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Switzler: I Exaggerated My Military Past

Says He Will Stay in Governor's Race


State Rep. Royall Switzler, a Republican gubernatorial candidate, said yesterday he had exaggerated his military experience in past campaign literature and had considered dropping out of the 1986 campaign because of the errors.

Switzler, a legislator from Wellesley, made the surprise announcement as he and many other candidates for office filed the necessary signatures to qualify for the fall ballot.

The legislator said he wanted to "bare my soul to the world" and set the record straight before launching a full-scale campaign against opponent Gregory Hyatt in the Sept. 16 GOP primary for governor.

Switzler said an unidentified campaign aide had introduced several false statements into his 1980 campaign literature. He said he approved the brochure, then allowed some erroneous information to be reprinted in later editions of the Massachusetts Political Almanac.

While he had reached the rank of sergeant in the U.S. Army, Switzler said, he never served as a captain and had never been a formal member of the U.S. Army Special Forces as claimed. While he did serve in Korea, Switzler said, he only visited Vietnam instead of serving there as claimed.

Earlier this year, a campaign aide was quoted as again stating that Switzler had been a Green Beret in Vietnam.

"Sometimes people like to be more than they are and maybe that was me," Switzler told a news conference.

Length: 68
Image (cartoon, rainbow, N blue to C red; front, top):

"I'm sorry. I apologize for having done it and take full responsibility for it," he said.

Switzler, a six-term lawmaker and vocal fiscal conservative, often criticizes Democrats on Beacon Hill for what he claims is their dishonest spending practices. He was drafted by a group of legislators to run for governor at the April 12 Republican State Convention.

Since then, Switzler said, he had wrestled with his conscience on how to handle the problem. His indecision caused a lackluster start of his campaign, he said.

"Everybody expected a fast start out of the box," he said. "It's been difficult..."

Switzler said no reporter had asked him about the discrepancy in the past two years and that he had decided to reveal the errors on his own.

He said he was forced to confront the problem in 1982 after The Boston Globe reported on discrepancies in the background of another Republican gubernatorial candidate, John Lakian.

Maureen Garde, executive director of the Democratic State Committee, cited that incident, saying: "Royall Switzler has been awarded the Democratic State Committee's annual John Lakian 'truth in campaign' literature award by unanimous vote."

Hyatt declined comment on the impact of Switzler's statement, saying only, "A lot of that depends on the general public reaction and you folks in the media."

James Dorsey, press secretary to Democratic Gov. Michael S. Dukakis, said he would have no comment. Dukakis is unopposed within his party for another term and will meet the winner of the Switzler-Hyatt GOP primary.

Switzler was one of several statewide candidates to file their nominating petitions on the final day before the state deadline. Hyatt and Dukakis had filed their forms earlier, and the Secretary of State's office reported that all candidates for statewide office in both parties had met the filing requirement.

Candidates for governor, lieutenant governor and attorney general must submit 10,000 certified signatures, while candidates for auditor, treasurer and secretary of state must submit 5,000.

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